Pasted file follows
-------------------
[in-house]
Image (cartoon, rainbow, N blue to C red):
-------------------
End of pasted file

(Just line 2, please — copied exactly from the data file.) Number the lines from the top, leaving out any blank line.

Image (cartoon, rainbow, N blue to C red):